If not, talking to someone like a professional psychologist/counsellor can be really helpful. I'd also suggest having a think about whether you have a preference for a female or male counsellor.

  • Pamela Hoy

    Counsellor, Hypnotherapist

    Offering both Hypnotherapy and Counselling for my clients is a double opportunity to change unwanted feelings, thoughts, behaviours and reactions. Accessing both the conscious and … View Profile

    I wonder if you have considered asking your boyfriend if he would attend couples counselling with you, and if you had, what his reaction was?  If you have not asked him, it may be a good idea to suggest it. A trained counsellor or psychologist can offer a great deal of assistance to the couple as to how they may overcome these problems by:
    Each client discussing their individual concerns regarding the other person.
    The clients explain the negative effects each experiences by the others words or behaviours.
    Guiding the couple how to let go of the past resentments and burdens.
    How to stop going back to old hurtful experiences.
    Developing strategies how to communicate more effectively.
    How to progress their relationship in a more respectful and meaningful manner.

    If your boyfriend is not willing to attending counselling, I would suggest you attend individual sessions  to regain your self esteem.  This will help you to decide whether you wish to continue with the relationship or end it.

    You did not mention if there was any physical violence in the relationship. If there has been or it is continuing, I would recommend you leave him as soon as possible.  Your safety both physically and emotionally are your priority.

    I wish you a happy future.

    Pam

  • I have been working in Eltham, Melbourne as a relationship and family counsellor for over twelve years. I draw on current theory and research about … View Profile

    It sounds to me like you are describing a violent relationship - that is, your boyfriend is using violence in a way that erodes your self-esteem and is making you anxious. Violence is not only about being physically hurt. It includes any behaviour that is used to control or frighten someone in order to have power over them and make them do things they may not want to do.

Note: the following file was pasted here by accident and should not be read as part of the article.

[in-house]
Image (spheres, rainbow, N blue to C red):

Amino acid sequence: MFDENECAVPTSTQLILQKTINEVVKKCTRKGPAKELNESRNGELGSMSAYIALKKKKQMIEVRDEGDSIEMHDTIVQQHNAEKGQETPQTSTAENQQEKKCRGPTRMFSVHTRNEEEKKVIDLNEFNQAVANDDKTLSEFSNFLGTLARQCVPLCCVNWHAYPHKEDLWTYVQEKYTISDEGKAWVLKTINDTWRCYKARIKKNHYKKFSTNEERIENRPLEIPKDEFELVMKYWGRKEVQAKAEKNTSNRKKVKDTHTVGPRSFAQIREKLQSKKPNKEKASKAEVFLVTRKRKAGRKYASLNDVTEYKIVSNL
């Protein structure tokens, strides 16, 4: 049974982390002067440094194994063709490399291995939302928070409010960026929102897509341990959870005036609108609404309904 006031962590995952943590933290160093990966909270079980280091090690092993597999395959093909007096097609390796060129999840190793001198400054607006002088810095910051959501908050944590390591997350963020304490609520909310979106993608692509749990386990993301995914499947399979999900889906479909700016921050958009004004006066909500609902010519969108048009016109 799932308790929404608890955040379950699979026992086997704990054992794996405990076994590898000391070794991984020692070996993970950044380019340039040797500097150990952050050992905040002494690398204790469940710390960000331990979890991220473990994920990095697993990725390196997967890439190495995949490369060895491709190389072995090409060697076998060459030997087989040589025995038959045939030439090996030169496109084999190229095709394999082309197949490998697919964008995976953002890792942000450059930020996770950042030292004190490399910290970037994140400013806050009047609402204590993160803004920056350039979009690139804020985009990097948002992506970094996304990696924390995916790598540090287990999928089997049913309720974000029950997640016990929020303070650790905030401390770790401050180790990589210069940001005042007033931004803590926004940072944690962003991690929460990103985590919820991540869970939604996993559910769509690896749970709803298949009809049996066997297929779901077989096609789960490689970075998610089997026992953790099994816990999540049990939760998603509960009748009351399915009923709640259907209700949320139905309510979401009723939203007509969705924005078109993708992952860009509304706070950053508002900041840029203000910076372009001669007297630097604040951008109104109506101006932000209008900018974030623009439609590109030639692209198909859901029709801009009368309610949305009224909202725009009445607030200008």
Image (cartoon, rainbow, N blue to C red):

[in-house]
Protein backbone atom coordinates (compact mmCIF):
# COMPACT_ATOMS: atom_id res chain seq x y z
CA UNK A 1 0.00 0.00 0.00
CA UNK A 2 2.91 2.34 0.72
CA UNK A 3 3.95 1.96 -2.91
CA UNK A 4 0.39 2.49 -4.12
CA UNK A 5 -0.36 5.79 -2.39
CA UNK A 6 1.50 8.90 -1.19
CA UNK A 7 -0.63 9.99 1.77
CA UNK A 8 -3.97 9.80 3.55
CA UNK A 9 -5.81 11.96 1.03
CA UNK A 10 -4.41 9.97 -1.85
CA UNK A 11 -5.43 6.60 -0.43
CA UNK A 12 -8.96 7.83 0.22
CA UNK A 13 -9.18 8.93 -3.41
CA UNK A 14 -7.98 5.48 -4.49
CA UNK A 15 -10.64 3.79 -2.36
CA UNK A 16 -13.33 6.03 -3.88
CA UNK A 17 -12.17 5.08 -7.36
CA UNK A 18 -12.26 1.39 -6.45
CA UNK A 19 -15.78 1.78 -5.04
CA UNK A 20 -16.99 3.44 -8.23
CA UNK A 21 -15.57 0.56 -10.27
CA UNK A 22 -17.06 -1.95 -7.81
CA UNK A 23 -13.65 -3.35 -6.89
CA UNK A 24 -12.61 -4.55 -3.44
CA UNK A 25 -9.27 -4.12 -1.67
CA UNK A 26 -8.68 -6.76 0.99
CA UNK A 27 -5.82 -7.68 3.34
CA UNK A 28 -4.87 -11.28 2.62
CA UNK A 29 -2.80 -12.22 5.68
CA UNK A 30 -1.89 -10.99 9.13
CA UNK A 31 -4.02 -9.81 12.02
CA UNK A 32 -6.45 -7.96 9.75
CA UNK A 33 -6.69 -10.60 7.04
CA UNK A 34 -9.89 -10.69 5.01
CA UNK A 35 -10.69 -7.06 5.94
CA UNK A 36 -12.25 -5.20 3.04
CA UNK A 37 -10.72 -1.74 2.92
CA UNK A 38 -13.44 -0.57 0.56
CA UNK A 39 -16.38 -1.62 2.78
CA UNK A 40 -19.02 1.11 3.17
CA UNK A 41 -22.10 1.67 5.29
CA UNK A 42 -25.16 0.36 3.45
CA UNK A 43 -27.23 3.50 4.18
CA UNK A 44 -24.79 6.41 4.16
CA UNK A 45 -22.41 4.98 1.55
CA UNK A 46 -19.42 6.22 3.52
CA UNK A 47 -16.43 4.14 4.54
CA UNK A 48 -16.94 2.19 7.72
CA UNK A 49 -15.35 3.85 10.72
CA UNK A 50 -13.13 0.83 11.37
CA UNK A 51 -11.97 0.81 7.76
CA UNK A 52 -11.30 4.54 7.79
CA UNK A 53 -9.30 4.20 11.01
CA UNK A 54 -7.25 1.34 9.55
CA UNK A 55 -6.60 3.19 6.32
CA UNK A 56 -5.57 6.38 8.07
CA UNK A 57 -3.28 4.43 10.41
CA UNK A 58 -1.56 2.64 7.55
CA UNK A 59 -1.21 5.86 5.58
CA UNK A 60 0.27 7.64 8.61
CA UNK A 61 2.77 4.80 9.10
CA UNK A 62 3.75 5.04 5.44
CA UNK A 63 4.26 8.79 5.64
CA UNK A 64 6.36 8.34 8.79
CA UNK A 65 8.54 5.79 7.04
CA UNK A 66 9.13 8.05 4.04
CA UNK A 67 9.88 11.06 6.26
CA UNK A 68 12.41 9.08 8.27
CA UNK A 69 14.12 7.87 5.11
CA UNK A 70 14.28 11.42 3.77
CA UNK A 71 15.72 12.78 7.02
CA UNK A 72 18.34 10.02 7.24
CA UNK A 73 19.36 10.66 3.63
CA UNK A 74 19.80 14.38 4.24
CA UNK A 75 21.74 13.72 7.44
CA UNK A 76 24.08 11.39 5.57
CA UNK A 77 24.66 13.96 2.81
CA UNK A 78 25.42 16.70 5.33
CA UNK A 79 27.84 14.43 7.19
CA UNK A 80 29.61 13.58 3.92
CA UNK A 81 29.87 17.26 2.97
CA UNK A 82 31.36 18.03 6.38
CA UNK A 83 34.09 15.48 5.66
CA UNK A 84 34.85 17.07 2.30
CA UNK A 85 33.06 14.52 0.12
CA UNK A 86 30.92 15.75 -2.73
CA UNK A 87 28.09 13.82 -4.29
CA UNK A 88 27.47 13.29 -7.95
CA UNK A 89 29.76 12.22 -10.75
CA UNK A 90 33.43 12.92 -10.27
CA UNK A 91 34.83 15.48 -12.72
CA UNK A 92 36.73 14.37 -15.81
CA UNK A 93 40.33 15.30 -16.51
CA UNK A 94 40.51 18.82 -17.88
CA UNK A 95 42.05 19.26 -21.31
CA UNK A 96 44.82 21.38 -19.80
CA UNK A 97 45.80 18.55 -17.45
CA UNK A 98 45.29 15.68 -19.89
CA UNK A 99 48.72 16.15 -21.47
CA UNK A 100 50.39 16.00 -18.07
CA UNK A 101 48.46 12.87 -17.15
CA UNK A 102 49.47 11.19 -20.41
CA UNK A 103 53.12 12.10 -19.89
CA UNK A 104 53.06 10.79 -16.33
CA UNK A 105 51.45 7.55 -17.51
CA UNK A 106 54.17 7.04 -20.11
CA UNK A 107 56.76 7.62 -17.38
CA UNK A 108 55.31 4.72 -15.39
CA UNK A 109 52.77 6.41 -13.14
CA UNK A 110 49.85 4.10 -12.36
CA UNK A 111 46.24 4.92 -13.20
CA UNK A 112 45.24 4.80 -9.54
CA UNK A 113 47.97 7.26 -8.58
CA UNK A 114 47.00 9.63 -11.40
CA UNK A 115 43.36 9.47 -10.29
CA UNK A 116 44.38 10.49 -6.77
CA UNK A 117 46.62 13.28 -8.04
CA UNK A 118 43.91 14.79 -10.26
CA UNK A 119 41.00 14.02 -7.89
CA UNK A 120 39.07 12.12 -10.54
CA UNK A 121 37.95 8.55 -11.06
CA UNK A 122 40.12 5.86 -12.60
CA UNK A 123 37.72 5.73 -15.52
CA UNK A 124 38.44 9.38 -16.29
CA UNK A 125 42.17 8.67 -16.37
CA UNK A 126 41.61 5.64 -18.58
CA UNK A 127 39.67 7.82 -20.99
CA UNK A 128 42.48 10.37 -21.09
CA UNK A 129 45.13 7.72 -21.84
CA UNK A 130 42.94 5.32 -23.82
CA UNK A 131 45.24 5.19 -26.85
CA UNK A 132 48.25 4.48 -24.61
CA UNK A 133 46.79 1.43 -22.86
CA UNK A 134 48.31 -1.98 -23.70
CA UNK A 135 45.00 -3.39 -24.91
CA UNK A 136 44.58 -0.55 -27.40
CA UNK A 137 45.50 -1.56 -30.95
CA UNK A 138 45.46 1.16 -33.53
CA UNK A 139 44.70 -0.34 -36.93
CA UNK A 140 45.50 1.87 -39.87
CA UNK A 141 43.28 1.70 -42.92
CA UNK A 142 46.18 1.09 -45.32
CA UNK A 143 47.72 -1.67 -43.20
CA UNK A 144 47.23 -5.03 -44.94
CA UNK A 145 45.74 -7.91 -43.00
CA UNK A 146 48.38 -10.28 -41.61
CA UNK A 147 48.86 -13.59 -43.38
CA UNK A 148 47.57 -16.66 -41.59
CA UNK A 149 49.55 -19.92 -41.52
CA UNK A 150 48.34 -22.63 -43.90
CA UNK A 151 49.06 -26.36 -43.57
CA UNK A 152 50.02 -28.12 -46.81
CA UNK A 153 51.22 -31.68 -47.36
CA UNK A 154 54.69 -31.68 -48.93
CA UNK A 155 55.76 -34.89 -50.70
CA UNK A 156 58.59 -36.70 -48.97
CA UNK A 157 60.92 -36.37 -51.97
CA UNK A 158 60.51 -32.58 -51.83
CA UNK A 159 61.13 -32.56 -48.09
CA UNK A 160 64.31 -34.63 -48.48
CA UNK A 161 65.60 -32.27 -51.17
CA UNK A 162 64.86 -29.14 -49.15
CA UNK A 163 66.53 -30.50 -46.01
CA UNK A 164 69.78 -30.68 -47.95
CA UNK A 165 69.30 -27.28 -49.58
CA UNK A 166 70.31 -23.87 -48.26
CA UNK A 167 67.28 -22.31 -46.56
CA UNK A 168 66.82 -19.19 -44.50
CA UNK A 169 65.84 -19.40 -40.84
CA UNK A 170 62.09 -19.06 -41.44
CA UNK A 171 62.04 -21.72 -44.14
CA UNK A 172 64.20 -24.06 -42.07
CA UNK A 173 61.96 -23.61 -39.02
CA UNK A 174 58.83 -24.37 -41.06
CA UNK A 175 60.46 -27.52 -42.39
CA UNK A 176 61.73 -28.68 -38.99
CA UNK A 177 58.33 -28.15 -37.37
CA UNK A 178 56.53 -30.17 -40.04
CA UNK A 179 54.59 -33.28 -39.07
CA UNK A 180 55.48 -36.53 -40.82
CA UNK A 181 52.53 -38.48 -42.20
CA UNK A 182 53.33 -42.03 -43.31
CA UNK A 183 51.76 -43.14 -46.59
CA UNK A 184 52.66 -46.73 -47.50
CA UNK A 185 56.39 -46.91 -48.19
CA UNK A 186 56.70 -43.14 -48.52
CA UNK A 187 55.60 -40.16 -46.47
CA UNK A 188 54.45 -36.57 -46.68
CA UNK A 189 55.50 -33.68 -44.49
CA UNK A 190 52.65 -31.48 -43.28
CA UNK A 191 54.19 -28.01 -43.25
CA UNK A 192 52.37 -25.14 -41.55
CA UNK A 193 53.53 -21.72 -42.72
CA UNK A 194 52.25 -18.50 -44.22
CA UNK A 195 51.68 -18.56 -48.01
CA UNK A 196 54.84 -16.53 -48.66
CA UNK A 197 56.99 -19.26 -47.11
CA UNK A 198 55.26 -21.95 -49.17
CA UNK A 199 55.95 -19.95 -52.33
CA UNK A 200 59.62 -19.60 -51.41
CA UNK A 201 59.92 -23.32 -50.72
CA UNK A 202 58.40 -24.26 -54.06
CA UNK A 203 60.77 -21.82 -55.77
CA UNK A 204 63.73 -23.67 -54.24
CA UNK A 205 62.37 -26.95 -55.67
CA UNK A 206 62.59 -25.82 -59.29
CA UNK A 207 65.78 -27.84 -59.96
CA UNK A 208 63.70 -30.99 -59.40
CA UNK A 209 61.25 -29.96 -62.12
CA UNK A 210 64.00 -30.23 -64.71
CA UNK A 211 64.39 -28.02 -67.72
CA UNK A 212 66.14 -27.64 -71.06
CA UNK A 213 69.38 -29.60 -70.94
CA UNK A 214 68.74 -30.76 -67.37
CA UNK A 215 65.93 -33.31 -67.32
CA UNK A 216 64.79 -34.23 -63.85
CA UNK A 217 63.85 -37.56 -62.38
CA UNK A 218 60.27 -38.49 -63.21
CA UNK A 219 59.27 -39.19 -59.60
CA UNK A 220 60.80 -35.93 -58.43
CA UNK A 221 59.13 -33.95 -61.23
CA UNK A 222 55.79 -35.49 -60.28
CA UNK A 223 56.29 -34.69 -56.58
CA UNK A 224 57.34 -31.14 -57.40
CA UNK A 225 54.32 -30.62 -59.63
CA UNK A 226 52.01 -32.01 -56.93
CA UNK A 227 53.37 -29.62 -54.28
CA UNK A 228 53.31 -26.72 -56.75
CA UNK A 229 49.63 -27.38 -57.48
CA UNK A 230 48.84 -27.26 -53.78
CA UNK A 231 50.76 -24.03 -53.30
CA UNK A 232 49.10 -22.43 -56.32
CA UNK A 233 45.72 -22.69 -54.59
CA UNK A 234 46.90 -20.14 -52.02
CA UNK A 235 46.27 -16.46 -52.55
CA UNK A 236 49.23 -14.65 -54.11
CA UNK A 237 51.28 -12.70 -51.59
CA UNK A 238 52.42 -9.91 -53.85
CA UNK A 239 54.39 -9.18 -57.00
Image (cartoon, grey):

You may want to check out this link which describes all the different forms of how violence can be used in intimate relationships to see if you think you may be in this situation yourself  http://mrs.org.au/information-for-men/about-violence-and-control/
    Just because someone is violent doesn't mean they cannot receive help to change their behaviour and find more respectful ways to get their needs met in a relationship. If your partner is willing, he may benefit from doing some of this work with a counsellor who is skilled in working with behaviour change. You may also benefit from some support for yourself to say ‘no’ to unacceptable behaviour and build your self-esteem.

    All the best, Vivienne

  • I am a psychologist in private practice.I also lecture and supervise psychologists/psychology students at University.I work with clients who suffer from depression and anxiety. I … View Profile

    The other psychologists and counsellors have all offered some good insights into your difficulties. From what you have said, your relationship difficulties are causing you quite a lot of stress. Without knowing all of the details of what has occured over time,  it is difficult to know how best to advise you other than to suggest that you get some personal counselling with someone who can really get to know you (in person).

    I can also suggest that when Bruce Jenkins asked you what you wanted, he was offering you something quite helpful to consider. When things get very emotinal in relationships, we can sometimes lose a sense of what we really want in our lives (and what we don't want). It is a confronting but an important question to ask yourself. What kind of relationship do you want for your self and how do you think you might go about getting it?

    I wish you well and hope you find a good psychologist or counsellor to talk to soon.
    J

answer this question

You must be a Health Professional to answer this question. Log in or Sign up .

You may also like these related questions

Ask a health question
Community Contributor

Empowering Australians to make better health choices